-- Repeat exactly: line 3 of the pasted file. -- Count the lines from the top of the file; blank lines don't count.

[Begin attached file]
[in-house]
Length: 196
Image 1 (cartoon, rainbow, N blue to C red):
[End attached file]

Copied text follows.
Image 1 (cartoon, rainbow, N blue to C red):